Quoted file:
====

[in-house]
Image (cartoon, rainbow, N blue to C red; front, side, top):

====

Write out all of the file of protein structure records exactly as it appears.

[in-house]
Image (cartoon, rainbow, N blue to C red; front, side, top):